Bush Theatre, London – until 25 November 2017
Rising playwright Chris Thompson had an intense debut with Carthage at the Finborough Theatre, written from extensive personal experience as a social worker in the young offenders’ programme. Also directed by Robert Hastie, Of Kith and Kin explores a different side to the legal and social system as it considers the parentage issue between a gay couple, either of whose sperm may have made it to an implanted third-party egg in the womb of a close friend. The genetics are complex but the play focuses more on the tug-of-love between a mother who’s already given one baby away and two dads whose motives for wanting one expose severe cracks in their relationship.
It doesn’t help that everyone’s so unlikeable – younger Oliver (Joshua Silver) is a self-centred underachieving queen with Disney fantasies, partner Daniel (James Lance) is an ex-heterosexual lawyer still pursuing the patriarchal role. Casting tilts the scales further as Lance is by far the more subtle and experienced actor. In fact, David Dawson, who played Tony Warren in The Road to Coronation Street was in the audience and I wished he’d been available to give more empathy to the character of Oliver.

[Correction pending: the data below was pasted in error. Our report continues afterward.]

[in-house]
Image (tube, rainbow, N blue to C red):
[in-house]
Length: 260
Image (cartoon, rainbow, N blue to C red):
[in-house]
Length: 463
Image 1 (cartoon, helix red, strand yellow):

This is a play of three halves – the first act is pure sitcom, but as though Terry and June shopped at Habitat: sofa, cosy couple, drinks, banter and the arrival of the mother-in-law if not from hell at least from Woolwich Arsenal to spit a few Big-Mo-ish home truths in a scene-stealing cameo of both comedy and pathos by Joanna Bacon.
Switch to a courtroom drama in which two of the characters sit mute throughout while Daniel and a ball-breaking solicitor (another firecracker performance by Bacon) go head to head in front of Donna Berlin‘s peculiar and inappropriately joky magistrate.
The emotional core is only realised in the final scene, when the characters share their true feelings, and a cleverly-drafted ending allows you to decide your own vision of their outcomes.
A lot remains unexamined – why didn’t solicitor Daniel research the legal position before the surrogacy, why does the mother have such a violent change of heart? The dialogue is authentic and naturalistic and the script bristles with dark humour. There are some fine performances and it tackles contemporary issues you won’t have seen on stage before. Recommended.
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